As Karyn and I munched on pancakes, topped with syrup from maple trees right down the road. and, began our first planning session. That day, we spent hours getting to know one another. We seemed to have as many questions for Laura, as she had for us. I, for one, was curious about her Wiccan beliefs. She explained that her practice is in a harmonious relationship with nature; it reminded me of many of the themes expressed by poets and writers I enjoy and personally identify with. It is a tradition that celebrates both the God and the Goddess as parts of the same supreme creative force. To me, it made a lot of sense.
My wife-to-be was four months pregnant at the time of this meeting. She drew parallels between Karyn and me as symbols of the Lord and Lady of the Mayday festivities. Our conversation was about the future and love in bloom. In this case, the meaning was both literal and figurative. It was only natural that we include a pledge to our unborn baby in our wedding rite.
In the weeks to follow, our plans came together quickly. Karyn and I worked with Laura to put all of the final pieces of our puzzle together. The result was beautiful ritual for an intimate gathering of family and friends.. But the morning of May 2nd began with a rainstorm. Just as we thought our dream of an outdoor wedding was washed out, the rain stopped. Quickly our guests gathered outside, in the seating area. As Laura began casting a circle, the clouds parted, allowing rays of sunlight to illuminate the space. It was as if the earth and sky called upon everyone to focus on the event at hand. My mother even claims a rainbow peeked through a hole in the canopy of clouds.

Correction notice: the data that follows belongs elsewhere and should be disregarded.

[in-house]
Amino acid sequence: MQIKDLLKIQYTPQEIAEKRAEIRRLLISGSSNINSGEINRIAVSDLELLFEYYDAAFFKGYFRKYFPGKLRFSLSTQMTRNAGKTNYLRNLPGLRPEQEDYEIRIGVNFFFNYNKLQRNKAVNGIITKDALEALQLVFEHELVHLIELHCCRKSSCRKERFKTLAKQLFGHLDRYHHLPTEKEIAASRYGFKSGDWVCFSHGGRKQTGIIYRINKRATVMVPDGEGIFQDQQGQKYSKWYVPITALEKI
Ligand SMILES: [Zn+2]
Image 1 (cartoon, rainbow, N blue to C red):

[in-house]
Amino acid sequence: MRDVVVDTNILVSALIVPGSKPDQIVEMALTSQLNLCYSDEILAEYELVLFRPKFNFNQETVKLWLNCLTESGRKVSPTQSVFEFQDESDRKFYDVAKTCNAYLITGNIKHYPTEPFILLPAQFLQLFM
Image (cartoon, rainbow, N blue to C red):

Even now, there are times when we joke about how it pays to have divine forces at work especially when getting married outdoors. Laura claims not to know what she did to tip the scales in our favor that day. If anyone were to ask me: I would attribute it to the fact that anyone who attends one of Laura’s rituals knows; whatever deity or deities are in attendance they are always invited to eat with the rest of us. I firmly believe she slipped someone, somewhere a pancake or two.
Since we met, we have continued our friendship. We have made it a family tradition; to be at Laura’s place for Maypole merriment. In fact, our children instinctually dance the Maypole. I attended Laura’s memorable garden ritual in which I passionately kissed my wife over a row of squash mounds in hopes that they may prove to be fruitful at harvest time.
I look forward to these potluck and get-togethers. Any chance to come together is enough of a reason to have a great food and drink. I learned a very important fact about members of the Pagan community. The mix of people and personalities is extremely eclectic
Many thanks to those I have met for the meals and the mead. It is during these shared moments, in which I have learned perhaps one of the greatest lessons: there are many roads in which to reach a destination. By recognizing the ties that I have made to others in these times of celebration; the gifts I have realized are to numerous to count. I do not have far to look to see that I am blessed.
Magic plays a part in all of our lives. We are the ones who must recognize it when it happens.